Ghazal 125, Verse 4


tumhii;N kaho kih guzaaraa .sanam-parasto;N kaa
buto;N kii ho agar aisii hii ;xo to kyuu;Nkar ho

1) only/emphatically you [must] say: the living/livelihood of idol-worshippers--
2) if idols would have only/emphatically such a disposition, then how/why would [it] occur/be?


gu;zaarah : [of which guzaaraa is a variant spelling]: 'A passing, passing over, crossing; a passage; passing of time or of life; living, subsisting; --stay, abode'. (Platts p.900)


That is, if idols would have a temperament like yours, then how would their worshippers have a living/livelihood? (134)

== Nazm page 134

Bekhud Mohani:

If beloveds would have such a temperament-- that is, if they, like you, would be frivolous, faithless, treacherous, pitiless, cruel-- then you yourself do justice: how would a lover's life exist? That is, everybody would be finished off. However many qualities the beloved may have, in the phrase aisii hii ;xuu all of them are comprehended. (253)

Naiyar Masud:

But where's the necessity in this verse that we should turn the suggestion of 'idol' and 'idol-worshippers' toward beloved and lover alone? A new strength enters the verse when it is considered to be addressed not by the lover to the beloved, but by the servant to the Lord.

== (1973: 190)


An idol is made of stone; sighs and laments have no effect on it. It is motionless, and its heart (if it even has a heart) is devoid of the feeling of compassion. But despite this, idol-worshippers don't die of despair; rather, somehow or other they manage to pass their lives. Thus it's been proved that no matter how indifferent an idol may be, it can't be as cold-hearted and indifferent as you. You don't even let any of your lovers stay alive. If idols had a temperament like yours, then it would show itself on the lives of the idol-worshippers.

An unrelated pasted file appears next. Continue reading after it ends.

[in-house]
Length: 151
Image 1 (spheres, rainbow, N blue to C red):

== (1989: 235) [2006: 257-58]


IDOL: {8,1}
SPEAKING: {14,4}

On the pronunciation of ;xuu as ;xo , see {125,1}. On the ambiguities of kyuu;Nkar , see {125,1}.

An enjoyable verse; the various commentators point to some of its complexities. If the lover can talk to his 'idol', he can appeal for justice: 'you yourself must say!'. But an idol who is capable of listening to such a plea, who is approachable enough to make such a plea worthwhile-- can that idol really be so stony-hearted, stonier than a stone image? Maybe so; this is the universe of the ghazal after all, and the lover is accustomed to getting the worst of all possible worlds. Or is the idol really stone, or stone-hearted, so that no reply at all is possible? That wouldn't necessarily stop the self-deluding lover from making his urgent, intimate appeal.

At the heart of the complexity is our uncertainty about whether the group of 'idols' mentioned in the second line includes the beloved (why is she crueler than all the other idols?), or is contrasted to the beloved (why is she crueler even than idols?). And of course, as Naiyar Masud points out, the verse could be addressed by any servant to any master. Then there's an additional layer of uncertainty about the speaker: is he included among the idol-worshippers, or contrasted with them?

A further layer of multivalence, as Bekhud Mohani observes, is provided by the excellently emphatic phrase 'a disposition just such as this' [aisii hii ;xuu], which is elastic enough to include all possible cruelties of commission (tyranny, anger) or omission (neglect, indifference). Thus our power to imagine the beloved multifariously is not at all circumscribed, but is even enhanced.

Note for translation fans: Why the '[must] say', when the Urdu familiar imperative is quite straightforward? It's actually a problem of English: 'you say' looks to an English reader like a finite verb, rather than an imperative. For the kind of 'crib' translation I'm making here, maximum possible clarity in conveying the Urdu is the chief goal.